Python Function Arguments

In this tutorial, we will learn about function arguments in Python with the help of examples.

Video: Python Function Arguments: Positional, Keywords and Default

In computer programming, a function is a value that is accepted by a function.

Before we learn about function arguments, make sure to know about Python Functions.

Example 1: Python Function Arguments

def add_numbers(a, b):
    sum = a + b
    print('Sum:', sum)

add_numbers(2, 3)

# Output: Sum: 5

In the above example, the function add_numbers() takes two parameters: a and b. Notice the line,

add_numbers(2, 3)

Here, add_numbers(2, 3) specifies that parameters a and b will get values 2 and 3 respectively.

Function Argument with Default Values

In Python, we can provide default values to function arguments.

We use the = operator to provide default values. For example,

def add_numbers( a = 7,  b = 8):
    sum = a + b
    print('Sum:', sum)

# function call with two arguments
add_numbers(2, 3)

#  function call with one argument
add_numbers(a = 2)

# function call with no arguments


Sum: 5
Sum: 10
Sum: 15

In the above example, notice the function definition

def add_numbers(a = 7, b = 8):

Here, we have provided default values 7 and 8 for parameters a and b respectively. Here's how this program works

1. add_number(2, 3)

Both values are passed during the function call. Hence, these values are used instead of the default values.

2. add_number(2)

Only one value is passed during the function call. So, according to the positional argument 2 is assigned to argument a, and the default value is used for parameter b.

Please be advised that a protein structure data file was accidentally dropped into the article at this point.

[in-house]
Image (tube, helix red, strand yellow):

3. add_number()

No value is passed during the function call. Hence, default value is used for both parameters a and b.

Python Keyword Argument

In keyword arguments, arguments are assigned based on the name of arguments. For example,

def display_info(first_name, last_name):
    print('First Name:', first_name)
    print('Last Name:', last_name)

display_info(last_name = 'Cartman', first_name = 'Eric')


First Name: Eric
Last Name: Cartman

Here, notice the function call,

display_info(last_name = 'Cartman', first_name = 'Eric')

Here, we have assigned names to arguments during the function call.

Hence, first_name in the function call is assigned to first_name in the function definition. Similarly, last_name in the function call is assigned to last_name in the function definition.

In such scenarios, the position of arguments doesn't matter.

Python Function With Arbitrary Arguments

Sometimes, we do not know in advance the number of arguments that will be passed into a function. To handle this kind of situation, we can use arbitrary arguments in Python.

Arbitrary arguments allow us to pass a varying number of values during a function call.

We use an asterisk (*) before the parameter name to denote this kind of argument. For example,

# program to find sum of multiple numbers 

def find_sum(*numbers):
    result = 0
    for num in numbers:
        result = result + num
    print("Sum = ", result)

# function call with 3 arguments
find_sum(1, 2, 3)

# function call with 2 arguments
find_sum(4, 9)


Sum =  6
Sum =  13

In the above example, we have created the function find_sum() that accepts arbitrary arguments. Notice the lines,

find_sum(1, 2, 3)

find_sum(4, 9)

Here, we are able to call the same function with different arguments.

Note: After getting multiple values, numbers behave as an array so we are able to use the for loop to access each value.

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